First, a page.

asthma is now recognized as the most prevalent occupational lung disease.
It is a frequently serious, and sometimes fatal, condition characterized
by intermittent breathing difficulty, including chest tightness, wheezing,
cough, and shortness of breath. Workers at risk are those who are exposed
to at least one of the more than 300 chemical and biological agents known to be associated with the development of work-related asthma.
New Jersey’s work-related asthma surveillance project, funded
by the National Institute for Occupational Safety and Health (NIOSH),
has been in place since 1988. Health care providers are the primary source
of work-related asthma reports, but hospital discharge data have also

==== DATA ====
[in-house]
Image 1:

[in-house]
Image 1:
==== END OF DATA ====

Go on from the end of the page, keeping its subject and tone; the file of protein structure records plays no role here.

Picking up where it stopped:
proven to be a useful source. Physicians in New Jersey have been
required to report suspected cases of work-related asthma since 1990,
in accordance with N.J.A.C. 8:58-1.5, 1.6, 1.7. Reported
cases of work-related asthma are followed up by interviewing the reported
case, obtaining and reviewing medical records, and investigating the
place of employment. Workplace consultations are conducted where warranted;
either by sending a letter with a tailored packet of educational materials
or by performing an on-site industrial hygiene evaluation.
Surveillance of work-related asthma has also led to hazard surveillance
research projects in which a particular agent and/or industry is targeted
for study. The NJDOH has conducted studies of glutaraldehyde exposure
in health care workers and formaldehyde exposure in embalmers.
For more information and resources on work-related asthma, please
Work-Related Asthma Web